Emergency service workers are warning of an urgent need to update the State's ambulance fleet.
New figures have revealed that more than 200 ambulances required breakdown assistance last year.
Nearly 5% of the National Ambulance Service (NAS) fleet has over 300,000 kilometres on the clock, according to the figures.
Speaking today, Tony Gregg, the national secretary of the National Ambulance Service Representative Association (NASRA) warned that the figures highlight a "potentially dangerous situation for both patients and ambulance crews."
"Unfortunately, we have seen a number of near tragic incidents around the country resulting from mechanical faults in the ambulance fleet in recent years," he said.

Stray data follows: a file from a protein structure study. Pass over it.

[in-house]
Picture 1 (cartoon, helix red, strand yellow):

"These were in part responsible for the programme of replacement that began in 2015, but it is now time for the complete decommissioning of aging and 'clapped out' ambulances which should have no place in a modern National Ambulance Service that has a greater and more important role in the delivery of health services than ever before."
According to the figures, released to The Irish Times under the Freedom of Information Act (FOI), there were 203 ambulance breakdowns in 2016.
A total of 45 occurred in the Dublin area, while a further 63 were elsewhere in Leinster.
There were 25 breakdowns in Connacht, 46 in Munster and 24 in Donegal, Cavan and Monaghan.
Kildare recorded the highest number of breakdowns outside of Dublin - with 16 breakdowns so far this year.
Data regarding ambulance breakdowns before this year is scarce with the only available figures showing that 235 NAS vehicles required roadside assistance during a nine-month period in 2015.